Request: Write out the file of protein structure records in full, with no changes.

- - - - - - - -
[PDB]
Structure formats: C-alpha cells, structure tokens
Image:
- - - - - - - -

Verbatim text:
[PDB]
Structure formats: C-alpha cells, structure tokens
Image: